Planning permission has been refused once again for a new Lidl supermarket in the Westside area of Galway City.
Galway City Council said that the supermarket proposal would go against the specific Commercial-Industrial zoning objective for “bulky goods retailing and local retail needs” on this land.
Granting planning permission would therefore be “contrary to the proper planning and sustainable development” of the area, the council said.
Lidl planned to demolish the former Arch Motors dealership on the Seamus Quirke Road to make way for a single storey supermarket, with another retail unit attached.
The adjoining Monaghan’s Westside Shop and Filling Station was to be left intact, and a small portion of the former Arch Motors premises there would be converted to shop use.
Revisions were also be ma to the existing vehicle and pedestrian access points to the site, and to the right turn lane on the Seamus Quirke Road.
The City Council has previously approved plans for a Lidl supermarket here in June of 2020, but that decision was overturned by An Bord Pleanála last November, citing much the same zoning reasoning as the city council gives here.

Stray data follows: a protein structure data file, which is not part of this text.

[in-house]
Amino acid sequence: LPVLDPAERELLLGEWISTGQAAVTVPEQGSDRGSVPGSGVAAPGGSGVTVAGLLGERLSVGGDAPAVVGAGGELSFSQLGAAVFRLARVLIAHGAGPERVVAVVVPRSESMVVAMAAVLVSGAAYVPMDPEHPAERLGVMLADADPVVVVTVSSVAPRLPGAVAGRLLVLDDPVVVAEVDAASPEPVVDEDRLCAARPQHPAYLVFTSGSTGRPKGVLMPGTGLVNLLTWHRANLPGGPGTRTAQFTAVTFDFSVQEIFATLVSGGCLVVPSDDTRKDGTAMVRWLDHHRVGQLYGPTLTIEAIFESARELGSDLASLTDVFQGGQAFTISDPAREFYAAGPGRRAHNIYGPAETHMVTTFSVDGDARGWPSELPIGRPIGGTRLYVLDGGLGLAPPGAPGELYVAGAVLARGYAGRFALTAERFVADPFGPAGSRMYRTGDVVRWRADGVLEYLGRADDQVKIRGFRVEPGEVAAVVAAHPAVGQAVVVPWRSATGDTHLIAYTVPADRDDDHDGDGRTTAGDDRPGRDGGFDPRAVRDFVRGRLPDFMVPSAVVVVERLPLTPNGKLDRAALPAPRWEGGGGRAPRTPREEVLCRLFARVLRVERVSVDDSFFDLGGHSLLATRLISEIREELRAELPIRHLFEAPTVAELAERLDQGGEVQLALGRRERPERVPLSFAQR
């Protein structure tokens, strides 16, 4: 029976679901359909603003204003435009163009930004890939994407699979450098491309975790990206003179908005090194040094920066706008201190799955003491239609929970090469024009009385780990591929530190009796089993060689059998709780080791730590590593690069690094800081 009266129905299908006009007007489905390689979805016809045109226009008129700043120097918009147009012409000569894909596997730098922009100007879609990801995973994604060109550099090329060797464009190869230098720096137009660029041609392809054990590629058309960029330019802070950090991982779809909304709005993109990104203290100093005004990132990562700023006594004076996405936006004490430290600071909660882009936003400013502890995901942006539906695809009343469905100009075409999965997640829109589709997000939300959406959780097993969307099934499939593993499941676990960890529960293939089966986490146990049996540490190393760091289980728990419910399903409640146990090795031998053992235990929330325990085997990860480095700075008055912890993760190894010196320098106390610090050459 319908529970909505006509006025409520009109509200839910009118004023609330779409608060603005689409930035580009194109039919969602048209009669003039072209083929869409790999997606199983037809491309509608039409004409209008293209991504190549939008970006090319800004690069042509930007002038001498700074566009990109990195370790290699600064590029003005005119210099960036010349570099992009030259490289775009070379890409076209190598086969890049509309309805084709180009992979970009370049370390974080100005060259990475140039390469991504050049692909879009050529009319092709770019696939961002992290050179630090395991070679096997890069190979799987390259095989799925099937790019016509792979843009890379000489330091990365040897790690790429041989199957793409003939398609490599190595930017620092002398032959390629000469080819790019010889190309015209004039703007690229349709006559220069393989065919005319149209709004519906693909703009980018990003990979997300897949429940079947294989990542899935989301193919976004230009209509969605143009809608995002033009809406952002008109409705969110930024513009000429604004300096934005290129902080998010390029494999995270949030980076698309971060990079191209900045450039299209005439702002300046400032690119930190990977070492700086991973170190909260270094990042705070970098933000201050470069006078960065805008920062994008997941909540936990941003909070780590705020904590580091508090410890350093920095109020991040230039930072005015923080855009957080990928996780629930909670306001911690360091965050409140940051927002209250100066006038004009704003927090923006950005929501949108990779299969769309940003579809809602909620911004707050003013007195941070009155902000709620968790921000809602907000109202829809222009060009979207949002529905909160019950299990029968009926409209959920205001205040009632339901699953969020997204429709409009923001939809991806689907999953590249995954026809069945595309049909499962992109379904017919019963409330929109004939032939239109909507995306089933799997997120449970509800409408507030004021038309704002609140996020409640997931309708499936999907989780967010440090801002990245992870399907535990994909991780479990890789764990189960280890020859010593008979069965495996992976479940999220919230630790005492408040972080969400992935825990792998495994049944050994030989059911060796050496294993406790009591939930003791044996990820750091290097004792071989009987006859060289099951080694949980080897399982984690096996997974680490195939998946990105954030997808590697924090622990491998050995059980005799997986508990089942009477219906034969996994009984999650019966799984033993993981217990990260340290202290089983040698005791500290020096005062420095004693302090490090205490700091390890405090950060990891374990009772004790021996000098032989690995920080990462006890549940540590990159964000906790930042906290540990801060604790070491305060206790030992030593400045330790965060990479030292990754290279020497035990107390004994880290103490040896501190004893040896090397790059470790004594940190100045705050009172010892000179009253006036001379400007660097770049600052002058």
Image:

The planning department of Galway City Council said that this fresh application is “almost identical” to the one reject by the Bord, and that “nothing has altered” in the development plan or specific zoning objectives since then.
“Therefore, this element of the rational and reason for refusal by ABP, while examined by the applicant, is not overcome as the development plan designations and policy have not altered and the refusal reason remains valid.”
Three submissions were made to the city council objecting to these plans by the HSE, the Retail Grocery Dairy & Allied Trades Association, and Tesco Ireland.
The HSE was concerned that the development might have a negative impact on the hospital helipad located behind the site, and the air ambulance services operating from there.
RGDATA said that it was concerned about the “proliferation” of convenience stores in suburban areas, which it said poses a threat to the “vitality and viability” of the city centre.